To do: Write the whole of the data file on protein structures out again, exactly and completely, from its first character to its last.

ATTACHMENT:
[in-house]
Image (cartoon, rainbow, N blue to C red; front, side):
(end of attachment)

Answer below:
[in-house]
Image (cartoon, rainbow, N blue to C red; front, side):